MeetFactory, o. p. s.
Ke Sklárně 3213/15
150 00 Praha 5
13:00 do 20:00 + based on evening program
Hot 8 Brass Band are a Grammy-nominated New Orleans based brass band, whose sound draws on the traditional jazz heritage of New Orleans, alongside more modern styles including elements of funk, hip hop, rap, and its local variation, “bounce.”
Transcending genres and trends, Hot 8 have performed and collaborated with artists from Lauryn Hill, Alice Russell, Mos Def to the Blind Boys of Alabama and George Ezra and have decade long affiliations with actor/BBC 6Music DJ Craig Charles, among others. They were nominated for a Grammy in 2013 for their second album ‘The Life and Times Of…’. and, with acclaimed releases such as ‘Vicennial...’, ‘On The Spot’ and “Take Cover”, continue to exemplify their ability to honour their city’s musical traditions while forging their own powerful legacy. Hot 8’s incredible tale, which comes across in their life-affirming music, has also previously featured in Spike Lee’s two New Orleans documentaries, When The Levees Broke and The Creek Don’t Rise, and David Simon’s HBO series Treme (in which the band played themselves), to add to extensive features across the world’s media.
Mixing an old school street brass approach with funkier currents and hip hop vocals, Hot 8’s magnificent originals are juxtaposed with fresh versions of Snoop Dogg, Stevie Wonder, The Specials, Basement Jaxx and of course their anthemic take on Marvin Gaye’s “Sexual Healing”.
Hot 8 Brass Band’s rhythms are loose-limbed and hard-hitting, with most tracks featuring a sousaphone prominently. The legendary group have established themselves as a dominant force on New Orleans streets—the band you want to dance behind during a Sunday second-line parade or witness jazz funeral.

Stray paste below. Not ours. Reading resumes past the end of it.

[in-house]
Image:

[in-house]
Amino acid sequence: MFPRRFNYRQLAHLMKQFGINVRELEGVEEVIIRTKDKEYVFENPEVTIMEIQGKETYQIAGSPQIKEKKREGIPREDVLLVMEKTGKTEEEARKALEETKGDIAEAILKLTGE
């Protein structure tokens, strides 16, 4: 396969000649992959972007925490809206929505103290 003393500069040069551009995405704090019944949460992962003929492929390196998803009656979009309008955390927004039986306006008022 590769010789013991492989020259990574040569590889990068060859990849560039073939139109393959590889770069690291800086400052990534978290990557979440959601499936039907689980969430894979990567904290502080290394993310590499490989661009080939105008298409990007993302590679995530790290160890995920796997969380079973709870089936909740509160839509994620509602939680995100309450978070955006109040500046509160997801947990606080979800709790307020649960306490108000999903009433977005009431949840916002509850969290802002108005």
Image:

Brass band-related activities have been a vital part of New Orleans’ African American community life for over a century, serving as an important source of celebration, bonding, strength, pride, and both individual and collective expression. Jazz funerals are among the most curious and well-known New Orleans brass band customs. As an exercise of the belief in “rejoicing at death,” the jazz funeral juxtaposes grief and joy. Slow, sad hymns and dirges are played en route to the cemetery, followed by up-tempo songs and joyous second line dancing in a final procession away from the grave.
The city’s traditional obsession with music, parades, dancing, and the rise of black benevolent organizations, has helped to maintain and support brass band activities and culture. Dozens of benevolent societies and groups known as “social aid & pleasure clubs” sponsor weekly Sunday parades. Very different from New Orleans’ better known Eurocentric Mardi Gras parades, the black social club events consist of three main parts: divisions of colorfully dressed social club members, one or more brass bands and the second line—a crowd of up to several thousand people who follow and dance alongside the parade throughout its several-hour duration. The free-form second line dance performed by club members and the crowd, both of whom dance with umbrellas and handkerchiefs, is derived from West African processions. The intensity that builds from the constant creative interaction between hot music and improvised dancing often erupts into a euphoric dimension in which a sense of total freedom, equality, limitless power, and a spiritual redefining of earthly reality seem to overtake all of the participants. Many legendary and influential musicians who would migrate from New Orleans by the 1920s and influence the direction of American music—among them King Oliver, Louis Armstrong, and Sidney Bechet—got some of their early training and experience in street parades and funerals.
The story of the Hot 8 Brass Band has been one of tragedy and triumph. Over the years the Hot 8’s ranks have been decimated by the deaths of four original members due to street violence and illness. The devastation of Hurricane Katrina in 2005 was a life-altering turning point; during which 80% of New Orleans flooded, untold numbers of inhabitants died, and long-term displacement and misery affected hundreds of thousands—raised real concerns about the survival of the city and its indigenous cultural traditions. After being evacuated, displaced, and scattered across the country, the band regrouped and began touring the United States to encourage and support other displaced Katrina victims and promote New Orleans’ recovery.
Hot 8 Brass Band are signed to Tru Thoughts, based in Brighton, UK.